Check it out.
That's definitely his name in the lower left-hand corner:
Sure, it's a pretty pedestrian gag , but if it's actually from the pen of Chick it casts some overdue light on his mysterious career: primarily that he was a published (secular) cartoonist 64 years ago. From what we know, Chick drew as a child and underwent his pivotal religious conversion after the Second World War thanks to his new bride, a Canadian-immigrant he met in Pasadena, California named Lola Lynn Priddle. Apparently she was very religious and during a visit to her family's home introduced him to a popular evangelical radio show from Charles E. Fuller that was responsible for flipping the God switch in his head.
The couple settled in El Monte, California where he got a job as a technical illustrator for an aerospace company. According to Wikipedia, he was too shy to evangelize to people directly so turned to comics in the 1950s after learning that the Communist Party of China had used comic tracts to gain influence among Chinese workers and labourers. He self-published his first tract in 1960, and established Chick Publications in 1970. The story since then involves a steady, relentless stream of freaky, reactionary (yet highly influential) tracts, comics and assorted material. But I've never read anything about his comics career prior to his religious conversion -- i guess until now.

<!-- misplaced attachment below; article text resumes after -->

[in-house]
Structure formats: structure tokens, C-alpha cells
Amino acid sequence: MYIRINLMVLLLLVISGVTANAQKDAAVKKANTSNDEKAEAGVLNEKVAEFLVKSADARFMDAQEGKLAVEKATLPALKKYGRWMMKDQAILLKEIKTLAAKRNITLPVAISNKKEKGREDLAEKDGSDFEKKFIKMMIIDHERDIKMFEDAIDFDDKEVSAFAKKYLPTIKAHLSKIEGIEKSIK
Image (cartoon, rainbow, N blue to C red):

Chick married Priddle in 1948: a year before this cartoon was published in Maclean's, one of two marquee venues for cartoonists of the day. Is it possible that Chick, then an illustrator/nascent cartoonist, was pointed in the direction of Maclean's by his new Canadian wife? Who knows. If anybody else has insight into this cartoon, and this period of Chick's comics career, I'd love to hear about it.
|Jack T. Chick|
Many thanks to Seth for alerting me to this.